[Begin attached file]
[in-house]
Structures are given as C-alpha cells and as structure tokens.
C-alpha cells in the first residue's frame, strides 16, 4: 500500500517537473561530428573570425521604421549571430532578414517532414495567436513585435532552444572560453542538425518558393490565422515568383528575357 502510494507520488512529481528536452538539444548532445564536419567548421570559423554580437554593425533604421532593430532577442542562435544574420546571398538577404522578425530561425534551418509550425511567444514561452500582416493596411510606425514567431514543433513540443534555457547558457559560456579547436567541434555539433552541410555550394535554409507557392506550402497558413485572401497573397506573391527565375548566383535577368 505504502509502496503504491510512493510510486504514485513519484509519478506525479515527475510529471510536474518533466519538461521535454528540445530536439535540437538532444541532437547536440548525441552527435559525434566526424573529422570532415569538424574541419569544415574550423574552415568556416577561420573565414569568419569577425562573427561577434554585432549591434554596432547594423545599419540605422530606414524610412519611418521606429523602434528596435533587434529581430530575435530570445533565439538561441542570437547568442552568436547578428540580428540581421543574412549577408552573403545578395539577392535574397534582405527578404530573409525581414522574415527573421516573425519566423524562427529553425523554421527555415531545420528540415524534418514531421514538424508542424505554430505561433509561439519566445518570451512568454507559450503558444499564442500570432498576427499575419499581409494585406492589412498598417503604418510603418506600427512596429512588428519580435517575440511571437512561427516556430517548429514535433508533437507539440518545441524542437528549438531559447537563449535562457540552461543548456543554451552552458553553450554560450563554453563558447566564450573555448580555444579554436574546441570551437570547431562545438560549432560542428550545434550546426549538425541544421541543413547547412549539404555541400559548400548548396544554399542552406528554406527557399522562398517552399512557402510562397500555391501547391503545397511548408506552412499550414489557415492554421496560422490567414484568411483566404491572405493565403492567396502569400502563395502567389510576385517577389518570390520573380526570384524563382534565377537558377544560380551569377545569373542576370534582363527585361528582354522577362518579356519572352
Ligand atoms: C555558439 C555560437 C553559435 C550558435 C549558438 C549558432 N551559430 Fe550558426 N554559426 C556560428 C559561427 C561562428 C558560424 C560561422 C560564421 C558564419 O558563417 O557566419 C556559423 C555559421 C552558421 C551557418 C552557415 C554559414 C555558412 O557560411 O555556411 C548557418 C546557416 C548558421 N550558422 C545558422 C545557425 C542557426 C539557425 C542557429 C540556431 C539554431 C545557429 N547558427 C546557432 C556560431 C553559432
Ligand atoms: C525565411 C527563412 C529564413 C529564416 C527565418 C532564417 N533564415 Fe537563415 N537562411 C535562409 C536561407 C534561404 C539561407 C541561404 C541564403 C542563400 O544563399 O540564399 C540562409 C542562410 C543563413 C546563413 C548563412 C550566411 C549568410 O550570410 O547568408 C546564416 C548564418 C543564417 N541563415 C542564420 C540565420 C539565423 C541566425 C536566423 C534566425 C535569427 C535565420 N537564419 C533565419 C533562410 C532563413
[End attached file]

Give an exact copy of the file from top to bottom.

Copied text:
[in-house]
Structures are given as C-alpha cells and as structure tokens.
C-alpha cells in the first residue's frame, strides 16, 4: 500500500517537473561530428573570425521604421549571430532578414517532414495567436513585435532552444572560453542538425518558393490565422515568383528575357 502510494507520488512529481528536452538539444548532445564536419567548421570559423554580437554593425533604421532593430532577442542562435544574420546571398538577404522578425530561425534551418509550425511567444514561452500582416493596411510606425514567431514543433513540443534555457547558457559560456579547436567541434555539433552541410555550394535554409507557392506550402497558413485572401497573397506573391527565375548566383535577368 505504502509502496503504491510512493510510486504514485513519484509519478506525479515527475510529471510536474518533466519538461521535454528540445530536439535540437538532444541532437547536440548525441552527435559525434566526424573529422570532415569538424574541419569544415574550423574552415568556416577561420573565414569568419569577425562573427561577434554585432549591434554596432547594423545599419540605422530606414524610412519611418521606429523602434528596435533587434529581430530575435530570445533565439538561441542570437547568442552568436547578428540580428540581421543574412549577408552573403545578395539577392535574397534582405527578404530573409525581414522574415527573421516573425519566423524562427529553425523554421527555415531545420528540415524534418514531421514538424508542424505554430505561433509561439519566445518570451512568454507559450503558444499564442500570432498576427499575419499581409494585406492589412498598417503604418510603418506600427512596429512588428519580435517575440511571437512561427516556430517548429514535433508533437507539440518545441524542437528549438531559447537563449535562457540552461543548456543554451552552458553553450554560450563554453563558447566564450573555448580555444579554436574546441570551437570547431562545438560549432560542428550545434550546426549538425541544421541543413547547412549539404555541400559548400548548396544554399542552406528554406527557399522562398517552399512557402510562397500555391501547391503545397511548408506552412499550414489557415492554421496560422490567414484568411483566404491572405493565403492567396502569400502563395502567389510576385517577389518570390520573380526570384524563382534565377537558377544560380551569377545569373542576370534582363527585361528582354522577362518579356519572352
Ligand atoms: C555558439 C555560437 C553559435 C550558435 C549558438 C549558432 N551559430 Fe550558426 N554559426 C556560428 C559561427 C561562428 C558560424 C560561422 C560564421 C558564419 O558563417 O557566419 C556559423 C555559421 C552558421 C551557418 C552557415 C554559414 C555558412 O557560411 O555556411 C548557418 C546557416 C548558421 N550558422 C545558422 C545557425 C542557426 C539557425 C542557429 C540556431 C539554431 C545557429 N547558427 C546557432 C556560431 C553559432
Ligand atoms: C525565411 C527563412 C529564413 C529564416 C527565418 C532564417 N533564415 Fe537563415 N537562411 C535562409 C536561407 C534561404 C539561407 C541561404 C541564403 C542563400 O544563399 O540564399 C540562409 C542562410 C543563413 C546563413 C548563412 C550566411 C549568410 O550570410 O547568408 C546564416 C548564418 C543564417 N541563415 C542564420 C540565420 C539565423 C541566425 C536566423 C534566425 C535569427 C535565420 N537564419 C533565419 C533562410 C532563413